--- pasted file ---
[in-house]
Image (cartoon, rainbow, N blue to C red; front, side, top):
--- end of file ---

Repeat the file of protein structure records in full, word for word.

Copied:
[in-house]
Image (cartoon, rainbow, N blue to C red; front, side, top):